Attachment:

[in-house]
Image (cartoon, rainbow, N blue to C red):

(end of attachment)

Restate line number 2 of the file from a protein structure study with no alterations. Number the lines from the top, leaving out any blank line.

Image (cartoon, rainbow, N blue to C red):